This post will discuss what the case is about, how it comes before the court and what the constitutional political issues at stake are, as well as the black-letter legal ones.  It is a case of interest that goes far beyond Wales, because although there are significant differences between the Welsh arrangements and those for Scotland or Northern Ireland, the case also raises some rather broader questions about the legal working of devolution.

This is not the first time Wales has broken new ground in challenging how devolution works, of course.  Most notably, Wales was the first jurisdiction to refuse consent to Westminster legislation affecting a devolved function under the Sewel convention – aspects of the Police Reform and Social Responsibility Act 2011.  Perhaps the more provisional, evolutionary nature of the Welsh arrangements mean that it is more prone to test the legal aspects of its devolution arrangements than Scotland or Northern Ireland, where they are more clearly established.

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Filed under Courts and legal issues, Intergovernmental relations, Legislation, Wales, Whitehall

The rentrée in Scotland

Autumn started with a bang in Scotland: a Programme for Government and plans for new legislation, including a referendum bill; a government reshuffle, and a host of policy initiatives.

First, Alex Salmond’s reshuffle of the Scottish ministerial team.  The official press statement is here.  Key moves are Nicola Sturgeon’s move to Infrastructure, Investment and Cities, along with a constitutional brief; Alex Neil’s swap with her, from Infrastructure to Health; the departure from government of Bruce Crawford and Brian Adam; and the appointment of Humza Yousaf as Minister for External Affairs and International Development.  There has been something of a structural rejig.  The Minister for Transport and Veterans (Keith Brown) and a new post of Minister for Housing and Welfare (Margaret Burgess) are to report to Sturgeon as Infrastructure Secretary.  That may give Sturgeon more time for her constitutional brief.  Yousaf reports to Fiona Hyslop as Cabinet Secretary for Culture and External Affairs.  The new Minister for Parliamentary Business is Joe Fitzpatrick, and is both whip and government business manager, but not a Cabinet Secretary.  Burgess, Yousaf and Paul Wheelhouse (new Minister for Environment and Climate Change) all come from the 2011 intake of MSPs.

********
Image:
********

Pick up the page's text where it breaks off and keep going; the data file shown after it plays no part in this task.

In contrast to the rather sprawling nature of the UK Coalition Cabinet (23 full members, its statutory limit, but 32 attendees – and there are also quite a few unpaid junior ministers to deal with the overall limit on the size of the government payroll), the Scottish Government are eager to point out that there are still only eight Cabinet members, and (by my reckoning) 10 non-Cabinet Ministers.  Having a single-party government helps a lot, of course, and the Scottish Government’s responsibilities are much narrower, but even so the difference is telling.

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Filed under Legislation, Referendums, Scotland, Scottish independence, SNP

The Welsh legislative programme for 2012-13

With rather curious timing, the Welsh Government announced its legislative programme for the coming year just before the summer recess.  The news release is here, and there’s news coverage from the Western Mail here.  This announcement follows one last year, laying out a legislative programme for the whole of the Assembly’s term.